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Los Angeles, California, United States
The blog 'Breaking Bread' is for a civil general discussion, like you might have at the dinner table with guests. The posts 'Economics Without the B.S.' are intended for a general audience that wouldn't have to know the difference between a Phillips Curve, a Laffer Curve, or a Cole Hamels Curve. Vic Volpe was formally educated at Penn State and the University of Scranton, with major studies in History, Economics and Finance, and Business; and, is self-educated since by way of books and on-line university courses. His practical education came from fifty years of work experience in the blue-collar trades as well as a white-collar professional career -- a white-collar professional career in production and R&D. In his professional career and as a long-haul trucker, he has traveled throughout the lower forty-eight. From his professional career alone he has visited many manufacturing plants in the United States, Europe and China. He has lived in major metropolitan areas and very small towns in various parts of the United States. He served three years with the U.S. Army as an enlisted man, much of that time in Germany.

Monday, December 31, 2012

The Clinton-Bush Years with data

Economics Without The  B.S.**:

[**  Double entendre intended.]

Apparently Republicans and Conservatives Don’t
So let’s go down some FACTS!
       Fed Govt Revenues                Budget +Surplus/-Deficit        President who
                                                                                                                        Submitted FY budget

FY1999                       $1.8 Trillion                             + $125 Billion                         Clinton
FY2000                       $2.0 Trillion                             + $236 Billion                         Clinton
FY2001                       $1.991 Trillion                         + $128 Billion                         Clinton
FY2002                       $1.85 Trillion                           - $158 Billion                          Bush
FY2003                       $1.78 Trillion                           - $377 Billion                          Bush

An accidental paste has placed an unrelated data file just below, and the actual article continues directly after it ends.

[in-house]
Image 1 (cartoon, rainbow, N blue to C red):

FY2004                       $1.88 Trillion                           - $412 Billion                          Bush
FY2005                       $2.15 Trillion                           - $318 Billion                          Bush
FY2006                       $2.4 Trillion                             - $248 Billion                          Bush
FY2007                       $2.568 Trillion(the best year)   - $161 Billion                           Bush
FY2008                       $2.52 Trillion(recession starts)  -$458 Billion                           Bush
FY2009                       $2.1 Trillion(back in the tank)    -$1.4 Trillion                          Bush**
FY2010                       $2.1 Trillion                             -$1.3 Trillion                           Obama
FY2011                       $2.3 Trillion                             -$1.3 Trillion                           Obama
FY2012                       $2.4 Trillion (est.)                    -$1.3 Trillion                           Obama

NOTE:  FY budgets are submitted in February for the fiscal year starting on October 1st following that February – so, in February 2013, President Obama will submit the FY Budget for 2014 (October 1, 2013 to September 30, 2014).

** Bush was in office from October 1, 2008 until January 20, 2009 – and submitted a budget deficit of over $1 Trillion the preceding February (2008).  The day Obama walked into the White House on January 20th, the deficit was $1.1 Trillion.

Source for information:  Office of Management and Budget per Government Printing Office:

Total U.S. Federal Government Debt -- $16 Trillion (approx).
Total U.S. Wealth – over $55 Trillion  (was over $60 Trillion prior to Financial Crisis of 2008)
Federal Government Debt to GDP (as %)
            During WWII – was near 120%
            Currently – just over 100%
            Historically since WWII – 40 to 60% of GDP

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